She Said: I decided to embrace the suburban cliché that I’ve become: I taught a yoga class and then drove to Chipotle, with my husband, to eat healthy, vegan fast-food. When I’m on a plant-based bender and find myself in Little Rock, it’s one of the easier places to get nonanimal food fast. Even with their recent food-safety issues (500+ people nationwide down with different E. coli strains and norovirus) they still possess the aura of a healthy, sustainably-sourced eatery in my mind from all I’ve heard about them over the years (and read in their own restaurants) with their pasture-raised dairy, non-GMO ingredients, antibiotic-free meat and local foods when possible. For me, it’s the rare convenience of vegan fast-food that draws me to them.

He Said: Well, I’m not so drawn to the vegan thing, but I am interested in healthy options, of which they have a plethora: as you write, their meat contains no antibiotics, their dairy is free-range, and their vegetables are local when possible. Of course, as I mention with every review, I particularly need low-fat options, which are always a challenge. As Conway’s newest restaurant, though, the time has definitely come to review Chipotle’s.


She Said: You order at the counter, a la, Subway, so there’s the line and the take-away. There is a lot of metal and different kinds of seating, tables and high seating with stools. (I love the purse hooks, though, on the high tables. Very thoughtful!) If you’ve eaten in a Chipotle before, this one will be very familiar to you. It’s not a place I want to stay too long after I’m finished with my food.

He Said: Yeah, there’s really nothing welcoming or comfortable about the seating area in a Chipotle’s, and they’re all alike. It’s kind of like eating at a school cafeteria: You can’t really get any [privacy anywhere, and it’s loud and people are sitting basically next to you and talking to each other. This is not their best feature.



She Said: SOME Chipotle restaurants sell margaritas, but not dry-county Conway’s franchise. (Sad trombone sound.) They have Coke fountain drinks, tea and bottled water and juices. I chose the grapefruit Izze bottled soda. I could tell when I took a sip that it was VERY sweet. The bottle says 160 calories per bottle, but it’s got 39 grams of sugar! I couldn’t finish it, but it was tasty!

He Said: They do have a lot of choices for drinks here, more than most fast-food chains, since they have fountain drinks as well as more exotic bottles. I ended up getting the same sparkling grapefruit drink as you, Jones, and liked it a lot better.


She Said: You’re not as sensitive to sugar as I am, Ruud. As I mentioned, I wanted to eat vegan that night and knew I could count on that at this new-to-Conway chain. At the counter, I noticed the sofritas option, spicy tofu instead of meat. Usually, I just have the veggie tacos (on corn tortillas), but this time I said I would try one of the three tacos that comprise the dish with the sofritas tofu. On all three I had brown rice, beans, mild salsa—which I like as it isn’t runny and saucy, spreading tomato taste indiscriminately throughout the taco—tofu, guacamole and lettuce. I asked if the guacamole is vegan, because I’ve been places where it isn’t (what are they putting in it?!), and the taco artist assured me it is. With the guacamole, I don’t miss cheese or sour cream in the taco, and the tofu makes it more filling than the meatless version I usually have.  My meal was very tasty, fresh and filling, but not gross and greasy.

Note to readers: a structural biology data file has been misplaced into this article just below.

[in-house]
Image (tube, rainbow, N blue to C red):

The food sourcing is healthier, and the vegan/vegetarian options are convenient and tasty, but that doesn’t mean this is low-calorie. According to the New York Times the typical order at Chipotle is more than 1,000 calories (which is about 75 percent of my typical daily calories), and it can go up easily if chips and guacamole are added or burritos are made with All The Things. Research also indicates that when people merely consider ordering a healthy option, they feel so proud of themselves, they end up ordering a heavier, junkier meal and feel fine about it. I couldn’t help but wonder if that happens to me at Chipotle… Do I feel so good about the “purity” of the food that I eat more calories than I should? Probably.  You can calculate your calories on Chipotle’s Website, which I appreciate. My meal was less than 600, because I could only eat two of the three tacos. That’s still a big meal for me, but not huge by restaurant, or specifically, fast-food standards.
He Said: The food is fresh and pretty tasty. My own preference is for the hard-shell corn tacos. I’ve had burritos at Chipotle in the past, but for my taste there is just way too much burrito there and not enough stuff inside the burrito—the burritos they use are so large that you end up with a lot of folds, making for a whole lot of dough. So I’d recommend the tacos. I had chicken as the least fatty portion without going vegetarian. You have a choice of white or brown rice, black or pinto beans mild, medium, or hot salsa and options of cheese, sour cream, and the like. Everything was, as I said, fresh and tasty. Total fat was 22 grams (770 calories), which does fit into my goal of under 50 grams of fat per day. My one complaint is this: The mild salsa is just chopped tomatoes, basically. If I wanted a truly red sauce, I’d have to go with the hot salsa, which I’m not fond of. Since I could have no sour cream or other creamy sauce (these have high fat content), I ended up with what amounted to three very dry tacos. Of course, I’m an unusual case, and most people are fine with slathering on the sour cream. Still, it’s hard for me to get anything at Chipotle that does not leave me parched, like I have just crossed the Nefud with Lawrence of Arabia.